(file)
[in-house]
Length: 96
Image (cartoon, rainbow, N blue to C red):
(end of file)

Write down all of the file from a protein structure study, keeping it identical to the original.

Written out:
[in-house]
Length: 96
Image (cartoon, rainbow, N blue to C red):